When I amicably parted ways from my last agent, it occurred to me that it might behoove me to go it alone. Regardless of what happens with The Snow Globe, I’m glad I did it on my own terms. I like being in control in any given situation, and often, the traditional path means giving up that control, and not in a positive way. I’m all for having someone tell me to make scenes better, richer. I’m against being ignored and told to do things because it’s the only way to garner a sale. Writers are often treated unfairly in trade publishing—like children. We are not. Many of us are adults with important jobs, whether as a SAHM or as a VP of a major financial firm. And yet, we are the lowest rung on the ladder; we’re fungible. I know writers who have never been paid for their work, even though the promise was there. I know writers who were given contracts so egregious it would have ruined their careers to sign. Trade publishing is looking out for itself. I get it. But the beauty of going Indie is that it’s me looking out for me. And I trust myself wholly in every regard. 😉
I know that you’ve suffered a significant hearing loss that has impacted your life in many ways. On a positive note, you say that this loss drew you closer to books and writing. Can you elaborate on your experience and how it has changed or restructured your world?
Losing one of your senses is pretty terrifying. For most of my life I’d had perfect hearing. But in my early 30s, I noticed I was having a real problem – not so much with sound, but with speech discrimination – understanding what people were saying. It’s as if the whole world was speaking underwater. And for the record, yelling doesn’t help—it’s just louder water! It’s genetic – both my mother and sister have chronic hearing problems. Going to the movies was one of my favorite pastimes, but that grew increasingly frustrating so I turned to books; I’d always been an avid reader anyway. I started coming up with my own stories and found a natural fit with writing because all that was needed were my eyes and my imagination.
Please, tell us about your experiences with social media. What are your favorite and least-favorite parts of it?
For someone like me, social media is amazing. I don’t need to rely on my hearing to communicate, and that’s a beautiful thing. Before my hearing went kaput, I used to be pretty social in real life, so Twitter is really the perfect place for me. I love chatting and connecting with other writers. The downside is that you do get some very aggressive people demanding that you RT them or buy their book. You would never walk up to a stranger on the street and do that, so why is doing it online okay? It’s not.
Having our work out there to be judged by strangers is often daunting for writers. Do you have any tips on handling a negative review?
I think as a writer you really need to take a step back and understand that you cannot possibly write something that everyone will love. That’s why Baskin Robbins has 31 flavors, right? My goal is to not read the negative reviews. I wrote the best book I knew how to write. If it doesn’t resonate with a reader, that’s totally fair. That’s the beauty of the world—diversity!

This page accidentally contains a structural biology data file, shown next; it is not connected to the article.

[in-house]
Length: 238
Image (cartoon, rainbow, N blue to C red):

Do you have any advice to a new author if they asked you whether to pursue the traditional route to publishing or to start out as an independent writer?
I get asked this a lot. The answer is: what are your goals? Way back when, getting traditionally published meant getting into brick and mortars. Now, it guarantees nothing. I have a few traditionally published friends whose books never saw a B&N bookshelf. Sad, but true. Regardless, if your goals are to have one of the Big 5 names stamped on your book, then that’s the route you need to take. If your goal is simply to get your work out there and find readers, Indie might be the way. For me, I wanted nothing more than the elusive “stamp of approval” from the Big 5. But editors were never interested. Ten years ago it was a big fat no-no to self-publish. Now, it’s very much accepted.
Every day brings forth new changes and shifts in the world of publishing. Any predictions about the future?
Indie is going to take over, I believe. Right now, publishers are not putting marketing muscle into the mid-list, so those books are dying on the vine. Moreover, it takes years to get published. I think the Big 5 will continue to support big authors, celebrities, and the like. But the midlist is fading quickly. Those authors need alternatives and Indie publishing is one of them. We have Indie movies, Indie music. Why are Indie authors judged so harshly? Sure, there are stinkers out there, but isn’t that the case with all mediums?
What might we be surprised to know about you?
Around fifteen years ago, a friend said that I needed to listen to this amazing children’s book on CD. My first remark was that I wasn’t much into children’s books. When he told me it was about a boy wizard, I was even more disinterested. Of course, I succumbed. I fell in love with Harry Potter and it remains one of my favorite series to this day. To think I write about such things now – magic, wizards, faraway lands—it’s kind of mind-boggling.
If you had a million dollars to give to charity, how would you allot the funds?
I’ve been working with a friend to find better alternatives for hearing aids. Hearing aids cost 5k-7k and only last 3-5 years. Moreover, insurance doesn’t cover them. It’s criminal. So we’re looking for a way to create a device that’s cheaper and works better. As a population, the hard-of-hearing are grossly overlooked, but hard-of-hearing no longer pertains to old people. It’s becoming epidemic, especially in people under the age of 25. Something needs to be done – we have the idea, and I think it could work. But funding is essential. Of course, that’s from a completely selfish standpoint. From an unselfish one, animal rights are one place my money would go. Underprivileged children is the other. Education and books for all. Always.
What simple pleasure makes you smile?
Rain. I miss those Midwest thunderstorms. It cleans the air, soothes my soul, and helps me to write about all the wonderful things.